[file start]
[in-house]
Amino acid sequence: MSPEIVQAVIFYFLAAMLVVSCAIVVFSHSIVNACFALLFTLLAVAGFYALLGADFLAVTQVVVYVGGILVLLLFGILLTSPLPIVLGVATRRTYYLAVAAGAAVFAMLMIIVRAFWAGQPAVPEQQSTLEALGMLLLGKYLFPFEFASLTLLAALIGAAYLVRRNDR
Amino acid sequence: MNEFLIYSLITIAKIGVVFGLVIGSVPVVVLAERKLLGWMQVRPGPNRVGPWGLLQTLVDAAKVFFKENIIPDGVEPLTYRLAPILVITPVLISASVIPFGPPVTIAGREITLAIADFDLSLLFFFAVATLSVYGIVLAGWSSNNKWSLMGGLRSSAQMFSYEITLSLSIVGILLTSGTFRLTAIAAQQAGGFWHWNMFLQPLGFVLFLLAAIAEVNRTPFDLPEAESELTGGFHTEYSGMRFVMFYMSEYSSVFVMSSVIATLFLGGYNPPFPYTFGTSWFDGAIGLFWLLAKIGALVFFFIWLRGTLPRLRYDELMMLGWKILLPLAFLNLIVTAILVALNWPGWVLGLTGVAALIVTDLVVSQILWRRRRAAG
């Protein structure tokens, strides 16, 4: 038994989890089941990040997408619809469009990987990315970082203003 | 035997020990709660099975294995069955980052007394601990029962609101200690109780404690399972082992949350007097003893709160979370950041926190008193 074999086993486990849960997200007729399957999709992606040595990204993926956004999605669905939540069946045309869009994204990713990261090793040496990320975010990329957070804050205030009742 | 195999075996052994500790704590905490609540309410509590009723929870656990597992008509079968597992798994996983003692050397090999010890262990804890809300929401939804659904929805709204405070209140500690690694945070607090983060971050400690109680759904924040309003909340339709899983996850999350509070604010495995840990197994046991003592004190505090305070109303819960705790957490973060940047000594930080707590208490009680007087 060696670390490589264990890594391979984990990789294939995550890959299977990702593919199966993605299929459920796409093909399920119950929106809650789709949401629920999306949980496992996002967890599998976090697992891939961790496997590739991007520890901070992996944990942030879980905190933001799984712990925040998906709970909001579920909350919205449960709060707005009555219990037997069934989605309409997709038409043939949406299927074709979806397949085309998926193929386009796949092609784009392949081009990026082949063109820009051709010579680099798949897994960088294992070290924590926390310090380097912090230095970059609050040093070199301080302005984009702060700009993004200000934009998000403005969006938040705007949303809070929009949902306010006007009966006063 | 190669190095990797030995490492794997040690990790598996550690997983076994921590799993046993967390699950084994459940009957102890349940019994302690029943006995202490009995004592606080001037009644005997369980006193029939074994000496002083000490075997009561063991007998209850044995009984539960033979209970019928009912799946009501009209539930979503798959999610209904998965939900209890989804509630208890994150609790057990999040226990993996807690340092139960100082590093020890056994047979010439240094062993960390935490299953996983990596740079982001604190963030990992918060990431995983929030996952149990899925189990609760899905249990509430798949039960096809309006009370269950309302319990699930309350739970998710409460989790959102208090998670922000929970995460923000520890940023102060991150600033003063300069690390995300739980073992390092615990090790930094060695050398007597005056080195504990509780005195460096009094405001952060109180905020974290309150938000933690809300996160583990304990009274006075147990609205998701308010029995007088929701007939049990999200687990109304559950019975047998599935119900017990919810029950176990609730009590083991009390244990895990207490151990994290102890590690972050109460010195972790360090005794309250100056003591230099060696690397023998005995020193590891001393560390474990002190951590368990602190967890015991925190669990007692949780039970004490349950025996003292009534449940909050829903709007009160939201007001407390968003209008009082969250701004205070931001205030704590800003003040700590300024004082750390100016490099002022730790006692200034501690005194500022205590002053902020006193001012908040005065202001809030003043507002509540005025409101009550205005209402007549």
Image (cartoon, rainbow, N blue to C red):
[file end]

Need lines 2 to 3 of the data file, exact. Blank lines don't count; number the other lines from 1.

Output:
Amino acid sequence: MSPEIVQAVIFYFLAAMLVVSCAIVVFSHSIVNACFALLFTLLAVAGFYALLGADFLAVTQVVVYVGGILVLLLFGILLTSPLPIVLGVATRRTYYLAVAAGAAVFAMLMIIVRAFWAGQPAVPEQQSTLEALGMLLLGKYLFPFEFASLTLLAALIGAAYLVRRNDR
Amino acid sequence: MNEFLIYSLITIAKIGVVFGLVIGSVPVVVLAERKLLGWMQVRPGPNRVGPWGLLQTLVDAAKVFFKENIIPDGVEPLTYRLAPILVITPVLISASVIPFGPPVTIAGREITLAIADFDLSLLFFFAVATLSVYGIVLAGWSSNNKWSLMGGLRSSAQMFSYEITLSLSIVGILLTSGTFRLTAIAAQQAGGFWHWNMFLQPLGFVLFLLAAIAEVNRTPFDLPEAESELTGGFHTEYSGMRFVMFYMSEYSSVFVMSSVIATLFLGGYNPPFPYTFGTSWFDGAIGLFWLLAKIGALVFFFIWLRGTLPRLRYDELMMLGWKILLPLAFLNLIVTAILVALNWPGWVLGLTGVAALIVTDLVVSQILWRRRRAAG